What could be better and geekier than a rap about Hubble vs. the James Web on Late Night with Jimmy Fallon
- Sci-fi Channel: Short for ‘science fiction’, it was a channel where old sci-fi shows were displayed for fans of science fiction, including classic movies, B and otherwise.
- Syfy Channel: Short for ‘syphilis for you’, it is a channel where new sci-fi shows are created based on old sci-fi shows, retreaded and reassembled like crusty multi-colored play doh that is drying out. Also includes new movies where giant CGI animals are sent on a rampage after actors with no will to live (or act).
and a continued amusing rant with pictures at cracked.com.
Phil Plait’s Bad Universe is coming to Discovery this fall. Can’t wait.
This year of Doctor Who has just been brilliant. Upon rewatching the season, I’m pretty confident in stating that this has been the best year since the reboot, and that Matt Smith (should he decide to stick around for a bit) is going to become the new icon of what the Doctor is (this title is still currently held by Tom Baker). Because I think everyone should be taken along on this ride, I’m not going to talk about anything past the first 15 minutes of the first episode.
Over the years I’ve found myself drawn to writers / actors that can use tempo as emotion, because there is a kind of power in it that nothing else delivers. The canonical example of this is MASH. Alan Alda would be chattering about at break neck speed about all manner of frivolity. You would get into the rhythm and speed and be carried along for the ride. And then, reality would hit, and he’d stop in an unexpected way in mid stride. This created an emotional lurch, like when you’re on a boat and it comes to a stop on the docks. Not many can pull this off in a natural way. Aaron Sorkin is the current American king of this, as embodied in Sports Night. And now with Steven Moffat in charge, and Matt Smith in the drivers seat, we get this in Doctor Who.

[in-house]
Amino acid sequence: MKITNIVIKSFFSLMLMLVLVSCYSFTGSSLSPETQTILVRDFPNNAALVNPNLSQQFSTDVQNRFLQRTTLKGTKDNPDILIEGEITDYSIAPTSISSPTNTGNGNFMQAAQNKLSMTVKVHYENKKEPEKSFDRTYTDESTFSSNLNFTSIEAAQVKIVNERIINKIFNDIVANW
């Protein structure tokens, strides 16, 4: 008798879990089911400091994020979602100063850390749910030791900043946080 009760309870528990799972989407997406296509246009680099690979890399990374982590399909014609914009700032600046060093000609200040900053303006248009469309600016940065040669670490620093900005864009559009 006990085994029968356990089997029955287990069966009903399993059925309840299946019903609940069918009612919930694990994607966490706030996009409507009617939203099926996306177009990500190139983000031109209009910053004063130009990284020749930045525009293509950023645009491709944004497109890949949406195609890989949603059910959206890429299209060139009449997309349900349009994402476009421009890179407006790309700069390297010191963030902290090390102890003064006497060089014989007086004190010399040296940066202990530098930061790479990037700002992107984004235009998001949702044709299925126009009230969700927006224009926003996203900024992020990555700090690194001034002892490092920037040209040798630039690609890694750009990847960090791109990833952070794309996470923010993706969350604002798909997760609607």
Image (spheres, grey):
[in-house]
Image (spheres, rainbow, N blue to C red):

The keystone moment of all of this is the fish custard scene that opens up the season. Having just crash landed in 9 year old Amelia Pond’s garden shed, he asks little Amelia to give him an Apple, as he’s having a craving (“I think I’m having a craving. That’s new, I’ve never had cravings before.”). The moment he takes a bite he spits it out, and we end up with a brilliant montage through much of what’s in Amelia’s refrigerator, each with a slapstick like ending. He finally settles on fish sticks and custard. And then we get this:
Young Amy: I’m not scared!
The Doctor: Course you’re not, you’re not scared of anything! Box falls out of the sky, man falls out of a box, man eats fish custard! And look at you… just sitting there. So you know what I think?
Young Amy: What?
The Doctor: … Must be a hell of a scary crack in your wall.
Timed and delivered perfectly. And that sets the stage for the whole season.
So if you haven’t started watching Doctor Who yet, now is the time to start. And do yourself a favor and make sure not to watch the “Next Time” bits at the end of the episodes. They are now giving away far too much of the plot and ruining many of the surprises over the first half of each episode. We stopped watching those half way through the season, and that was a great choice.
One of the things that most excited me out the Google I/O event a couple weeks back was Google TV. It’s a set top box that brings a lot of web content to the TV. But what really excites me about it is that it’s an Android platform, that will have access to the market place. Having this announce come out a couple days after I pushed my first Android app out got me even more excited about the platform.